Disney Cruise Line today became the latest to announce the dramatic overhaul of an aging ship in need of a makeover. The 1,754-passenger Disney Magic, which turns 15 on July 30, will head to Cadiz, Spain, from September 7 to October 10 for its biggest-ever refurb. The operation will cover restaurants, bars, the spa, the atrium, cabins and kids' spaces, and will include the addition of a precipitously inclined waterslide that swings out over the side of the 11-deck ship.
It's certainly time. Once a pioneer, Magic has been surpassed in almost every consumer metric by Disney's bigger, splashier Dream-class duo, Disney Dream (2011) and Disney Fantasy (2012). The newer sisters are better looking, architecturally, and better equipped, having introduced novel concepts such as "virtual portholes" in inside cabins, a top-deck water coaster and interactive artwork that responds to motion. (Disney Fantasy took the Best Overall Large Ship in the 2013 Cruisers' Choice Awards.) While reviews for Magic are still relatively strong, many passengers have noted a slide. Cruise Critic contributor Christine Koubek, who sailed on Magic last summer, reported seeing "worn fabrics in the fitness center lounges and cabins, some scuffed furnishings and a bit of rust in balcony corners." Several Cruise Critic reader reviews from the past six months, one titled "Faded Magic," echo Koubek's comments.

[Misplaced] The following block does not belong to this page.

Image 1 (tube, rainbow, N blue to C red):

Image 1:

The man tasked with re-energizing Magic is Joe Lanzisero, senior creative vice president for Walt Disney Imagineering. Lanzisero worked on Magic's original design in the late 1990's, in essence helping to create the blueprint for building a ship that would be filled with families, year-round. The goal this time around is threefold: Retrofit Magic with versions of the most popular Dream-class concepts, like the pirate-themed Oceaneer Lab; gut and redo 15-year-old spaces that have become quaint, like a musical-knickknack-filled, country-and-western-or-is-it-rock-'n'-roll bar; and introduce wholly new features where none existed, like the aforementioned waterslide, on which passengers begin their plummet from a platform near the top of the funnel. Additionally, upgrades will be made to lighting and audio, which have improved dramatically the past decade and a half. (Editor's Note: There's no word -- yet -- on whether the line has a similar makeover in mind for Magic's sister, Disney Wonder. But if I were a betting man -- wait, I am a betting man.)
Lanzisero and company are also aiming for something more difficult to articulate; they want to modernize the vibe while achieving the "timeless," world-unto-itself quality for which Disney is known."There's an informality on new ships," Lanzisero told reporters during a recent ship tour. Through the dry-dock, we want to "lighten things up, break up the symmetry."
But in the world of Disney, you have to be careful not to stumble into blasphemy. There are certain "sacred principles." The ship's 1920's Art Deco glamour remains the bedrock, the thread that links spaces themed on super heroes, pirates or Donald's mischievous nephews. Removing Animator's Palate, an iconic interactive restaurant that fuses Asian food and animation, "would be like taking a castle out of the park," Lanzisero said.
"And don't touch the Mickey statue," Lanzisero said of the bronze-cast figure who greets passengers in the atrium.
Let's take a tour.
--by Dan Askin, Cruise Critic Contributor